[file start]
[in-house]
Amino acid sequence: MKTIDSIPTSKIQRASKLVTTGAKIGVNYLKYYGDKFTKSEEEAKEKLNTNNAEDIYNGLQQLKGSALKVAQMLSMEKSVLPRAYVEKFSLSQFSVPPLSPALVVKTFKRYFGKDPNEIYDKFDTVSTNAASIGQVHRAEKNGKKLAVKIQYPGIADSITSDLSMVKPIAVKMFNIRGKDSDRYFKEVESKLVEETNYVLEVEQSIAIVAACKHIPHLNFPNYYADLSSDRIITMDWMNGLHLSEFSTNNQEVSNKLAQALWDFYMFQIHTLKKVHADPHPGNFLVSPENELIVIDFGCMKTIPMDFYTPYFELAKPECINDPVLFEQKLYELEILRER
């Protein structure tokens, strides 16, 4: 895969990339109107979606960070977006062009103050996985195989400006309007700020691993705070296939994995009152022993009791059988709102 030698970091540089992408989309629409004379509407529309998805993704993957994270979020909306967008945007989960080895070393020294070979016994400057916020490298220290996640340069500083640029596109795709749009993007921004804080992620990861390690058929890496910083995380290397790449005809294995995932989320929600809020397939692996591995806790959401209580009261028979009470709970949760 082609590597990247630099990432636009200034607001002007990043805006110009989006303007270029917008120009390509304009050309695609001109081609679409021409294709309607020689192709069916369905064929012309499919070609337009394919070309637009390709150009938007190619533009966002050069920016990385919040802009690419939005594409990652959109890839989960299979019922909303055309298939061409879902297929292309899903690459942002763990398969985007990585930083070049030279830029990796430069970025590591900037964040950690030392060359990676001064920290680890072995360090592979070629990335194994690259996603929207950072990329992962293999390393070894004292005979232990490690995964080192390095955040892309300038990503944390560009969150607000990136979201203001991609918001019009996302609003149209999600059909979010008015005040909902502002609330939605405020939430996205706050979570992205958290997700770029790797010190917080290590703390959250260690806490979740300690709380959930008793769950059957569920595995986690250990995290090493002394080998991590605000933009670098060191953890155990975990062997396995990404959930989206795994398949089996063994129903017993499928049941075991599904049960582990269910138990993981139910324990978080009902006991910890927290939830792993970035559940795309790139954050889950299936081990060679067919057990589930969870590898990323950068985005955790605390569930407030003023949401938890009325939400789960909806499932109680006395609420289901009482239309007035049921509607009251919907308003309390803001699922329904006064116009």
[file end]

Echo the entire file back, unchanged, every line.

[in-house]
Amino acid sequence: MKTIDSIPTSKIQRASKLVTTGAKIGVNYLKYYGDKFTKSEEEAKEKLNTNNAEDIYNGLQQLKGSALKVAQMLSMEKSVLPRAYVEKFSLSQFSVPPLSPALVVKTFKRYFGKDPNEIYDKFDTVSTNAASIGQVHRAEKNGKKLAVKIQYPGIADSITSDLSMVKPIAVKMFNIRGKDSDRYFKEVESKLVEETNYVLEVEQSIAIVAACKHIPHLNFPNYYADLSSDRIITMDWMNGLHLSEFSTNNQEVSNKLAQALWDFYMFQIHTLKKVHADPHPGNFLVSPENELIVIDFGCMKTIPMDFYTPYFELAKPECINDPVLFEQKLYELEILRER
């Protein structure tokens, strides 16, 4: 895969990339109107979606960070977006062009103050996985195989400006309007700020691993705070296939994995009152022993009791059988709102 030698970091540089992408989309629409004379509407529309998805993704993957994270979020909306967008945007989960080895070393020294070979016994400057916020490298220290996640340069500083640029596109795709749009993007921004804080992620990861390690058929890496910083995380290397790449005809294995995932989320929600809020397939692996591995806790959401209580009261028979009470709970949760 082609590597990247630099990432636009200034607001002007990043805006110009989006303007270029917008120009390509304009050309695609001109081609679409021409294709309607020689192709069916369905064929012309499919070609337009394919070309637009390709150009938007190619533009966002050069920016990385919040802009690419939005594409990652959109890839989960299979019922909303055309298939061409879902297929292309899903690459942002763990398969985007990585930083070049030279830029990796430069970025590591900037964040950690030392060359990676001064920290680890072995360090592979070629990335194994690259996603929207950072990329992962293999390393070894004292005979232990490690995964080192390095955040892309300038990503944390560009969150607000990136979201203001991609918001019009996302609003149209999600059909979010008015005040909902502002609330939605405020939430996205706050979570992205958290997700770029790797010190917080290590703390959250260690806490979740300690709380959930008793769950059957569920595995986690250990995290090493002394080998991590605000933009670098060191953890155990975990062997396995990404959930989206795994398949089996063994129903017993499928049941075991599904049960582990269910138990993981139910324990978080009902006991910890927290939830792993970035559940795309790139954050889950299936081990060679067919057990589930969870590898990323950068985005955790605390569930407030003023949401938890009325939400789960909806499932109680006395609420289901009482239309007035049921509607009251919907308003309390803001699922329904006064116009």